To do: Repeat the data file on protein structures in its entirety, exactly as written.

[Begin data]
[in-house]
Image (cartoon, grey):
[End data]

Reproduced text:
[in-house]
Image (cartoon, grey):